When I first switched to a six string I looked for some "six string theory" but I quickly realized that it is the exact same stuff, just with two additional strings. If you are struggling with how the B string works, I would highly suggest going back to your basics. You will most definitely find that the B string is a totally different animal when it comes to playing though. It requires a lighter touch, the right strings and the right rig to actually get it to sound decent. You also need the right scale length if you want the B string to be clear with sustain up the neck but you can get a good open B at 34". You will get wolftones with a 34/5" B string but they come up the neck so you may never notice them (or be impacted by them.)
     
    wisconsindead likes this.
  9. drewphishes

    drewphishes Supporting Member

    Feb 14, 2017
    Philly
    So just play the normal major "box shape but use only the first 3 strings"
     
  10. IJBurns

    IJBurns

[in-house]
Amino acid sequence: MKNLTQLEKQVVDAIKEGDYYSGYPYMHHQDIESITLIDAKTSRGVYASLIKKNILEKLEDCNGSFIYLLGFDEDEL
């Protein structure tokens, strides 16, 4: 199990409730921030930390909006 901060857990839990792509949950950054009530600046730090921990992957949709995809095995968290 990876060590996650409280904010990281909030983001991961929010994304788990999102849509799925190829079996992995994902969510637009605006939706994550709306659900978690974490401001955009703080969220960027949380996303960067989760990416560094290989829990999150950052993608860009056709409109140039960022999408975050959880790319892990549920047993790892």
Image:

Apr 14, 2015
    Dallas, TX
    Yeah you can start there but make sure and run the cycle/circle so you confuse yourself enough to learn the string.

    Also, and what will maybe be better first, is to play all of your one octave major and minor scales just on the B. Really force yourself to focus on just that one string until you know it backwards and forward.

    Another cool little trick which might sound ridiculous is to make flash cards with single note names written on them. Shuffle them up, lay them face side down on your stand, then flip them over one by one and make yourself find just that note on the B string.
     
    comatosedragon likes this.
  11. drewphishes

    drewphishes Supporting Member

    Feb 14, 2017
    Philly
    not sure what you mean about run the cycle
     
  12. dinoadventures

    dinoadventures Feets don't fail me now!